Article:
Getting your iron in first thing in the morning has a few benefits. Not only do you get the energy boost that iron lends, but you have one less thing to think about for the rest of your day.
Granola image via Shutterstock
1. Homemade Granola
Granola is a delicious choice for upping your iron intake, provided you choose the right ingredients. This recipe fits the bill, with iron-rich wheat bran, nuts, dried fruit, and just the right amount of dark chocolate.
Wheat bran bread image via Shutterstock
2. Wheat Bran Bread
This wheat bran bread features both molasses and raisins for an iron-rich choice in the morning. Top it with fresh or dried fruit and cream cheese (which contains 0.1 mg of iron per tablespoon) for a delicious morning treat.
Bran muffins image via Shutterstock
3. Bran Muffins
Bran muffins don't have the greatest of reps, but this super tasty version from chef Greg Atkinson includes a little more fat and sugar than the traditional recipe as well as a sweet raisin purée that adds moisture, sweetness, and iron. Add some blackstrap molasses, and these little muffins are a great way to get your iron on the go.
Easy Lunches Featuring Foods High in Iron
For lunch, you often need something fast. These dishes are all either super easy to prepare or great to make ahead and eat cold or reheated as leftovers -- and they all feature iron-rich foods.
Photo by Oliver Parini, reprinted with permission from “The Connecticut Farm Table Cookbook”, The Countryman Press 2015
4. Millet and Lacinato Kale Salad
This salad starts with a kale base (1 mg of iron per cup), which is mixed with iron-rich dried cherries and pistachios as well as goat cheese and hearty millet. The result is a vegetarian dish filled with iron-rich foods and bursting with vitamin C from the cherries and the cider vinegar in the dressing.
Image: Kimberley Stakal
5. Brown Rice Teriyaki Bowl
This quick brown rice teriyaki bowl is ideal for an iron-rich lunch, featuring edamame, almonds, and pea shoots, which contain more than 2 mg of iron per 100 grams. It's easy to make and just as delicious cold as warm, meaning that you can whip it up the night before and take it with you to work.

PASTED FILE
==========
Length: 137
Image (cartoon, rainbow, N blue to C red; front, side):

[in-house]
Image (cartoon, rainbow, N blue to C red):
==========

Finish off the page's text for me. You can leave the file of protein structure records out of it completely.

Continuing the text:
Recipe and photo courtesy of the National Peanut Board
6. Garlicky Spinach with Raisins
This tasty spinach recipe unites several vegan sources of iron including spinach, raisins, and peanuts, and a vitamin C powerhouse in the form of red bell pepper. The resulting dish is great for a quick and easy lunch.
Image: Emily Monaco
7. Puy Lentils with Minted Yogurt
This lentil dish is very easy to prepare in advance, making it an ideal option for lunch. Bring the lentils and yogurt in separate containers if you can, and combine them at the last minute.
Foods High in Iron for Dinner
Dinner is a great time to serve up iron-rich meat, if you are an omnivore, or some more elaborate vegan and vegetarian creations featuring foods high in iron, if that's what you prefer.
Beef liver kebab image via Shutterstock
8. Grilled Beef Liver Kebabs
Beef liver is one of the best sources of iron, but many are put off by its minerally taste. In this liver kebab recipe, the liver itself is seasoned with a host of spices and grilled over a hot flame, which is an excellent way to enjoy it if you're not yet accustomed to offal.
Chicken roll image via Shutterstock
9. Chicken Roll with Prunes and Dried Apricots
This chicken roll is a super impressive way to serve up foods high in iron. The chicken is stuffed with a mixture of prunes and dried apricots before being rolled and cooked. The chicken is beautiful when sliced and offers a delicious sweet-and-savory flavor combination.
Image by Emily Monaco
10. Mediterranean Chicken with Gigante Beans
Pair chicken and beans in this tasty Mediterranean chicken recipe. Gigante beans and chicken breasts simmer in a tomato, basil, and garlic sauce for a simple dinner loaded with iron-rich foods.
Image: Andrew Scivani
11. Vegetarian Stuffed Chard
Iron-rich chard is stuffed with a healthy and flavorful combination of squash, quinoa, nuts, goat cheese, and dried fruit. Lemon juice adds a touch of seasoning and the vitamin C you need to soak up the iron in this dish.
Foods with Iron for Snacks
If you need a little boost of iron on the go, these foods are the ideal thing to have in your car or fridge for an easy snack.
Photo by Ally-Jane Grossan
12. White Bean Hummus
This delicious white bean hummus is great when paired with your favorite crudités. Try broccoli (0.7 mg per cup), cauliflower (0.4 mg per cup), or green beans (1 mg per cup) to up the iron ante.
Trail mix image via Shutterstock
13. Trail Mix
Trail mix is the ideal on-the-go iron-rich snack. This trail mix in particular was developed specifically for iron deficiency anemia and includes sunflower seeds, cashews, raisins, almonds, dark chocolate chips, and walnuts. The resulting mix is perfect for getting in your daily iron.
Healthy Homemade Granola Bars via Shutterstock
14. Healthy Homemade Granola Bars
These homemade granola bars boast several foods high in iron, including dried apricots, walnuts, sunflower seeds, pumpkin seeds, and almonds. Not to mention, they're all-natural and super delicious.
Reprinted with permission from “Chia, Quinoa, Kale, Oh My!” by Cassie Johnston, The Countryman Press 2015
15. Chocolate Energy Bites
These energy bites contain delicious dark chocolate, almonds, and dried dates for the perfect iron-rich treat. They do, however, also contain coffee, which can sometimes deter iron absorption. If you're eating these bites specifically for their iron content, consider leaving out the coffee and adding a touch of vanilla instead.
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Iron-rich foods image via Shutterstock